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Day 57 of The Apocalypse

Good news! Since T-who-must-not-be-named hasn’t been sworn in as CEO of the America-Trumpistan merger, we hereby cancel the Nov. 8, 2106 start date of the Apocalypse. That means there’s an outside chance it won’t happen, so the date has been reset to Jan. 20, 2017.

We’re now at minus sixteen and counting down.

Meanwhile, follow this link for an update on what’s happening in the Age of Gemini: http://robertreich.org.

The Reality Distortion Zone of Trump I

It’s Day 34 of the Apocalypse wrought by the Trumpistan invasion, with Dour Don trump_12321dissing the CIA’s report of Russia tilting the election in his favor. These kinds of things run counter to the Make America Great Again narrative, after all, which is now hitting full stride:

  • The proposed head of the Environmental Protection Agency is suing the EPA and taking names of staffers working on carbon mitigation.
  • The Department of Labor nominee opposes minimum wage hikes but supports robots and immigrant workers.
  • A billionaire hedge funder known as the King of Bankruptcy and who once had The Darnold as a client gets the nod for the Commerce Department.trump-taj-mahal-closing
  • A vowel-impaired Treasury Department candidate, a favorite among the bankers and globalists, is among those Roaring’ Don said rigged the system.
  • Another billionaire is tapped to head the Department of Education, because she had one. Presumably.  But she was a major donor to Trump’s campaign, and heck, juice should count for something.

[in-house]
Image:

That was then. This is now. “The business of the American people is business,” said Cal Coolidge in 1924 when things was roarin’ and failed banks and market collapses hadn’t occurred in recent memory (or for 17 years–one of those), and a world war to end all wars was a long, long way from Tipperary.  Doubletalk Don will return to those halcyon days when men were men and do his all to make America grope again.

Channeling Silent Cal once more, the Merry Trumpster floated the name of ExxonMobil’s CEO, Rex Tillerson, to become Secretary Of State. Rex’s diplomatic bonafides are that he’s pals with Bad Vlad the Hacker and makes great deals, at least for Exxon. Or, at least they were great deals until the U.S. and Europe levied sanctions on Russia instead of rewards for altering the map of Europe through military force. Exxonasaurus Rex didn’t like that. After all, there’s no oil in Crimea or anywhere else in Ukraine, so who cares about them?

Making America great again is looking like a Brave New World.

 

Can Trump Trump Trump? Yes or No–One of Those.

were-still-hereIt’s day 30 of the Apocalypse, and the good news is that civilians still control the military so far. Or the military controls the civilians. One of those. Both are true, unless they’re not, in the Trumpladyte chaos, aka The Transition, aka The Revolution.

Or, with today’s naming of yet another general to the cabinet, the Junta.

Like that new Air Force One plane Boeing is designing for the U.S. President. It will cost $4 billion, tweets the Sun King–egads, waste and fraud–unless it will cost the $170 million Boeing says is the contract price.  It’s one of those.

After all, doesn’t a word mean what you choose it to mean–neither more nor less? And isn’t the question whether or not you can make words mean so many different things? Or, is the question, which is to be master? Or, did the Sun King have a great fall from the wall Mexico’s gonna pay for, unless it won’t? One of those.

In Trumpistan, truth is fungible.

 

 

 

 

Pogo: We Have Met the Enemy

trump_annoyingorange

It’s day 24 of the Apocalypse wrought by the invasion from Trumpistan, led by the red-capped orangutan and the salon-coiffed vicar of Indiana intent on making America straight again. The only thing sober about the ongoing reality show known as The Transition is the cocktail-free dinner with toady-in-chief Reince Priebus, and Mitt Romney, who’s quest to have Trumpsky close escrow on Mitten’s integrity continued unabated. The vital question on America’s anxious mind: Who picked up the $600 check?